The Embedded Rust ESP Development Ecosystem

The Embedded Rust ESP Development Ecosystem


7 min read


Espressif with ESP controllers has a more diverse support ecosystem compared to other embedded controllers. Many controller crates support no-std development only. On the other hand, ESPs also add support for std development. This is significant as it allows non-embedded Rustaceans to ease into embedded development.

The increased diversity while really beneficial, typically can have a significant disadvantage: confusion. All the added crates interfaces and examples mixing the different levels of abstraction can make one's head spin. This was one of the reasons that drove me to start learning series at a certain abstraction level and just stick to that one level. With std development, this effect might be amplified as there can potentially be more levels of abstraction introduced. As such, it would be important for one to understand what lies beneath.

In this post, I would like to add some insight into the Rust ESP ecosystem. I figured it would be a good topic to tackle as it wasn't always clear-cut to me from the start.

std vs. no-std 🧐

In embedded development, there are two main development approaches; bare-metal and non-bare-metal or high-level. The difference lies in how they interact with the underlying hardware. Bare-metal programming involves writing code that directly interfaces with and controls the hardware, offering maximum control and minimal overhead. It's ideal for resource-constrained systems, real-time applications, and situations where precise hardware control is crucial. In contrast, a non-bare-metal approach, often using an operating system or higher-level libraries, adds layers of abstraction, simplifying development but potentially introducing additional overhead and sacrificing some level of control over the hardware.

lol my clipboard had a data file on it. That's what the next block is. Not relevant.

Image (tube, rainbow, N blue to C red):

It is worth noting that bare metal does not necessarily mean no OS. There are OSs that are closer to bare metal than they are to non-bare metal. Notably, real-time operating systems or RTOSs. Also, in the context of Rust, bare metal development is often referred to as no-std or "core library" development whilst non-bare metal is referred to as std of "standard library" development.

The choice between these approaches depends on the project's specific requirements, balancing control, efficiency, and development ease. As such, one might choose to use the Standard Library (std) in embedded systems when they require rich functionality, and portability across different platforms, and desire rapid development without delving into low-level details. The std library provides a wide range of pre-built functionality, and standardized APIs, and abstracts many low-level concerns. Also std development typically involves the usage of higher-performance higher-resource controllers.

On the other hand, one might opt for the Core Library (no_std) when dealing with embedded systems with limited memory resources, needing direct hardware control, facing real-time constraints, or having custom requirements. The no_std approach allows for a smaller memory footprint, direct hardware interaction, predictable real-time performance, and greater customization. Consequently, no-std development typically involves the usage of lower-performance resource-constrained controllers.